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How do I simplify this formula to delete all repeated - in Excel?

Cell A1: text---------------text-text---text

Cell A2: text----text--text---text

I need it to be:

Cell A1: text-text-text-text

Formula I am using:

=SUBSTITUTE(SUBSTITUTE(SUBSTITUTE(SUBSTITUTE(A1,"--","-"),"--","-"),"--","-"),"--","-")

I was wondering if there is a way with same SUBSTITUTE formula to do something like 4*SUBSTITUTE(A1,"--","-") so it makes the job 4 times without a huge formula.

Thanks

4 Answers 4

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in cell b1: =SUBSTITUTE(A1,"--","-") you can then copy this across to c1, d1, e1 etc. Each further cell to the right will have one less - than the previous. Add columns until all hyphens are dealt with.

This way if you add a new row where there are more hyphens than in previous rows, you can just make extra columns, instead of changing the formula which gets messy.

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A tiny trick for a single cell solution. If A1 does not contain any spaces, in A2 enter:

=SUBSTITUTE(TRIM(SUBSTITUTE(A1,"-"," "))," ","-")

This can handle any number of consecutive dashes:

enter image description here

If A1 does contain some spaces, a slightly more complex formula will be required!

EDIT#1:

If A1 contains spaces, they must first be "protected" with something like:

=SUBSTITUTE(A1," ",CHAR(1))

and then, in the outer-most substitution, the "protection" must be removed. The final formula is:

=SUBSTITUTE(SUBSTITUTE(TRIM(SUBSTITUTE(SUBSTITUTE(A1," ",CHAR(1)),"-"," "))," ","-"),CHAR(1)," ")

I will admit that this is pretty ugly, but it can handle an unlimited number of dashes.

3
  • Hello, thanks. How is formula when containing spaces? Thanks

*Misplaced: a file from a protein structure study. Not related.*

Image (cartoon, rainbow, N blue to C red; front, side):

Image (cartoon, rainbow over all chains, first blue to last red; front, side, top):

– Joao
    Commented Jan 17, 2018 at 13:52
  • @Joao See my EDIT#1 Commented Jan 17, 2018 at 13:59
  • Hello Gary, I tried all formulas you said and all in here say has something missing...
    – Joao
    Commented Jan 17, 2018 at 15:49
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If you think your needs might change, use a lookup table

The website exceljet.com had a very good way of handling this by Dave Bruns. This works very well when you'd like to see your corrections laid out in a table, and edit them or change them.

It avoids hard coding all the corrections into formulas, which can be hard to verify (and impossible when printed on paper).

It works by using the INDEX function. Create a lookup table:

before    | after
--------- | ---------
APPLE     | ALICE
BANANA    | BOB
CHERRY    | CARL
KIWI      | KENNY
  • Use Insert:Table to tell Excel it's a table, and let's name it corrections: enter image description here

Then in your main table, use this formula:

=SUBSTITUTE(
SUBSTITUTE(
SUBSTITUTE(
SUBSTITUTE(
J2,
INDEX(corrections[before],1),INDEX(corrections[after],1)),
INDEX(corrections[before],2),INDEX(corrections[after],2)),
INDEX(corrections[before],3),INDEX(corrections[after],3)),
INDEX(corrections[before],4),INDEX(corrections[after],4))
  • Yes, you're allowed to have 'returns' (linefeeds) in a formula. Excel ignores them, but they make it much easier to read.

  • There's no magic in the numbers 1,2,3,4... they are the row numbers in the corrections table for the INDEX function.

  • The number of rows (4) in the lookup table is the same as the number 4 in the formula. If you need more rows, read on:

Expand as necessary

If you need to add more rows to your corrections table, it's very easy. Just modify your replacement formula. Let's say you want to go up to eight rows:

=SUBSTITUTE(
SUBSTITUTE(
SUBSTITUTE(
SUBSTITUTE(
SUBSTITUTE(
SUBSTITUTE(
SUBSTITUTE(
SUBSTITUTE(
J2,
INDEX(corrections[before],1),INDEX(corrections[after],1)),
INDEX(corrections[before],2),INDEX(corrections[after],2)),
INDEX(corrections[before],3),INDEX(corrections[after],3)),
INDEX(corrections[before],4),INDEX(corrections[after],4)),
INDEX(corrections[before],5),INDEX(corrections[after],5)),
INDEX(corrections[before],6),INDEX(corrections[after],6)),
INDEX(corrections[before],7),INDEX(corrections[after],7)),
INDEX(corrections[before],8),INDEX(corrections[after],8))
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TEXTJOIN("_", TRUE, TEXTSPLIT("...", {"\";"/";":";"*";"?";"""";"<";">";"|";"."}))
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  • 1
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    Commented Jun 7, 2023 at 6:38

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